Turkey Enlists Intermediaries to Censor and Surveil Internet Users

Despite fierce opposition from civil society and industry, the Turkish parliament recently amended Law no. 5651, entitled “Regulation of Publications on the Internet and Suppression of Crimes Committed by means of Such Publications”. The amendment was included in two omnibus bills (available here and here) submitted to the Parliament and has been called a controversial, restrictive law to control web users that pushes Internet censorship forward. People within and outside Turkey criticized the law for enlisting intermediaries as censors for the government. The new Turkish regulation seems run against ECHR decisions, as well as EU and international human rights principles.

Law No. 5651 was Turkey’s first Internet-specific regulation. Before then, courts used the Turkish Criminal Code, Civil Code and Code of Intellectual and Artistic Works as the legal basis to issue blocking orders related to political and computer crimes, violation of privacy and reputation and intellectual property infringement.

Parliament approved Law No. 5651 in a rush just before the 2007 general elections. The provision set up the Presidency of Telecommunications and Communication (TIB), an administrative body that has the power to issue blocking orders. Law No. 5651 never received public support before or after its enactment. To the contrary, citizens criticized it for censoring thousands of websites, including a two-year ban on YouTube. The European Court of Human Rights has ruled against the law for its inconsistency with freedom of expression twice, in 2012 and 2011. Yaman Akdeniz and Kerem Altiparmak, Turkish legal scholars and human rights activists, wrote a book tracing the legal history of Law 5651 in a “Critical Assessment of Internet Content Regulation and Censorship in Turkey”.

The newly approved amendments will now make Law No. 5651 worse for Internet users by tightening control on intermediaries, increasing surveillance, and expanding website blocking and Internet filtering. First, the amendments will establish a state-controlled “association” for access providers within 3 months of their enactment. Intermediaries will be punished if they do not act expeditiously enough to establish the association within the 3-month deadline. All ISPs must participate into the association in order to be allowed to provide Internet services within Turkey. Additionally, all costs connected to the establishment of the association must be covered by the intermediaries.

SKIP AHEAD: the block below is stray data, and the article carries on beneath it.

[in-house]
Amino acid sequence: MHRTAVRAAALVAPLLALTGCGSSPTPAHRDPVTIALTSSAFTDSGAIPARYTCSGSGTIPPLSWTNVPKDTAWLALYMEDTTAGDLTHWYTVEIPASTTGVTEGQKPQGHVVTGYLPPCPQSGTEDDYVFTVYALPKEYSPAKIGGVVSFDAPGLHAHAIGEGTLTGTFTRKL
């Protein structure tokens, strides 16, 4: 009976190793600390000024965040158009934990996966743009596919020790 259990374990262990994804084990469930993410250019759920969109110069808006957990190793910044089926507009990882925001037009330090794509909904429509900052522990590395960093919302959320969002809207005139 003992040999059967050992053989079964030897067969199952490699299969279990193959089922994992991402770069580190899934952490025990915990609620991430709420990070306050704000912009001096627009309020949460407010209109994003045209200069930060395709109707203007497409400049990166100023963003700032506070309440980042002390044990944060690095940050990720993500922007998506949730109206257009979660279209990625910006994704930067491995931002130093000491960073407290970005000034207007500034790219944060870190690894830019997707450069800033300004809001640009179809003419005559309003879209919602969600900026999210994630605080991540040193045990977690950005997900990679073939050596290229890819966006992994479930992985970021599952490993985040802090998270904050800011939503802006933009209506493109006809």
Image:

Second, the amendments require hosting providers to store data about users' online activity for two years. Government officials from TIB will have access to these records without seeking prior court's permission. In other words, the government can track people’s Internet access, but the cost of this surveillance will be passed on to Internet users through their network providers.

Third, TIB will have greater content blocking powers. TIB can force service providers to block access to content that violates a person's "private life," upon a claim of a natural or legal person. The “violation of private life” is a newly introduced criminal category, which has no clear definition. The Internet intermediary must comply with blocking orders within 4 hours. The law does not provide for any prior judicial review of the determination that the content at issue breaches the “private life” of the claimant.

The recent amendments to Turkish Internet regulations are an additional leap in this government’s ability to censor and control Internet activities. The law accomplishes this by placing enhanced monitoring, filtering and surveillance powers in governmental, rather than judicial, bodies. Italy recently embraced a very similar arrangement a few weeks ago, as we have reported here. Meanwhile, the laws expand intermediaries’ liabilities with the precise goal of enlisting them as Internet watchdogs under governmental control. The dream of the Internet as a venue for free and unrestrained democratic discourse seems to be increasingly fading away. 

The author wishes to thank Avniye Tansug for the background information included in this blog post. Ms. Tansug is a Turkish Internet activist and blogger and she can be reached at avniye at tansug dot com. 

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